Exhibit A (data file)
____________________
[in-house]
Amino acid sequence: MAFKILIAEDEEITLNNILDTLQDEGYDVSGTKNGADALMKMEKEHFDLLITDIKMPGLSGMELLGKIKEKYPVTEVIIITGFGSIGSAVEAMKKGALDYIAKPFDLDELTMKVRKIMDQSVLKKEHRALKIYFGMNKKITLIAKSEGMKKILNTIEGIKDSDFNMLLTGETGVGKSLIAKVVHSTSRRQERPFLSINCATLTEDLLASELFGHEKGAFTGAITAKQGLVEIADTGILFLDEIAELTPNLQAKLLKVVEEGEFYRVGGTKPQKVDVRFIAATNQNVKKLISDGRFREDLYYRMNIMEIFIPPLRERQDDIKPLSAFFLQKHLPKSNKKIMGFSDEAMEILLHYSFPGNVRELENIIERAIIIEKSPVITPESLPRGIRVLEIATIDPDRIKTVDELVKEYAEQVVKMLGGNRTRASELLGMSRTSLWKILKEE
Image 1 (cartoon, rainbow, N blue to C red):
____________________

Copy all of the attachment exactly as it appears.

[in-house]
Amino acid sequence: MAFKILIAEDEEITLNNILDTLQDEGYDVSGTKNGADALMKMEKEHFDLLITDIKMPGLSGMELLGKIKEKYPVTEVIIITGFGSIGSAVEAMKKGALDYIAKPFDLDELTMKVRKIMDQSVLKKEHRALKIYFGMNKKITLIAKSEGMKKILNTIEGIKDSDFNMLLTGETGVGKSLIAKVVHSTSRRQERPFLSINCATLTEDLLASELFGHEKGAFTGAITAKQGLVEIADTGILFLDEIAELTPNLQAKLLKVVEEGEFYRVGGTKPQKVDVRFIAATNQNVKKLISDGRFREDLYYRMNIMEIFIPPLRERQDDIKPLSAFFLQKHLPKSNKKIMGFSDEAMEILLHYSFPGNVRELENIIERAIIIEKSPVITPESLPRGIRVLEIATIDPDRIKTVDELVKEYAEQVVKMLGGNRTRASELLGMSRTSLWKILKEE
Image 1 (cartoon, rainbow, N blue to C red):